Shelley Parker, Marlborough’s new town clerk who starts work on Monday, will have at least one major project on her desk to work on – the introduction of a CCTV system in the town.
After a heated debate, the town council last night (Monday) adopted the 10,000-word report of Councillor Nick Fogg calling for the introduction of a simple deployable camera system to protect the town.
And a majority of councillors believe that Mrs Parker is the appropriate person to take charge as she introduced the CCTV project in Cricklade, where she was town clerk for the past four years.
A copy of Councillor Fogg’s report is to be put on the town council’s website for residents and retailers to read, and consultation will take place with Marlborough Chamber of Commerce and the police, who had no representative s present at last night’s meeting.
In a wrangle over procedure, town councillors rejected a proposal by Tory Councillor Noel Barrett-Morton that a working party of councillors, Chamber of Commerce members and the police should identify the CCTV system required and its funding before the town council went ahead with the scheme.
After a debate that has been going on for 11 years over CCTV in Marlborough, councillors demanded that the talking had to stop and action taken immediately.
Councillor’s Fogg report, which has the support of Grant Taylor, Wiltshire’s CCTV controller, calls for a system of cameras that can be deployed to hot spots, as and when needed, plus the provision of a permanent camera outside Marlborough town hall.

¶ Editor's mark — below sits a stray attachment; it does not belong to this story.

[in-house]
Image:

The latter would protect the building itself but also cover nearby shops, which have become the victim of window-smashing vandals, while the other cameras would cover specific anti-social problems and areas hit by thefts from cars as well as shops.
In presenting his report, Councillor Fogg, one of Marlborough’s two Wiltshire councillors, thanked Grant Taylor for his help and guidance.
“He has read this report and said it was a fair assessment of the situation,” Councillor Fogg pointed out. “He believes CCTV is no more than a tool and should not be used as a stand alone solution. You must be able to justify to use of public space for CCTV, justification being to show there is no other effective solution.”
And he added: “A lot of CCTV has been provided more in hope than in judgment, often as a result of the activities of very enthusiastic but not particularly important people.”
“As a result a billion pound industry has grown up which, in the view of the Home Office and other important sources such as the Metropolitan Police, has not been particularly effective.”
“Scotland Yard’s anti-terrorism unit reiterates that saying that in fact that most public CCTV is possibly a waste of time, very little is being used effectively.”
He asked: “Is there any point in it?” and continued: “Yes, there is in various situations. Firstly, and this is what Grant Taylor says, it is very valuable in identifying who was where at a particular time. That is one of its main functions.”
“Secondly, and this may come as a slight surprise, it has become a great asset in, not policing, but surveying public events such as when the Olympic torch came through Marlborough. It is very valuable for the safety of the public to do that.”
One of the vital aspects of the report is the identification of the Marlborough area as one of the safest in the county, if not the country.
“That is one of the really encouraging factors , that this area has very low crime statistics compared to others, possibly the lowest in Wiltshire,” declared Councillor Fogg.
“Too often a negative picture of Marlborough is presented by various people. This is part of a wholly positive picture that we have one of the lowest crime rates in the country.
“We mustn’t talk down this area. It is not in anyone’s interests to do so.”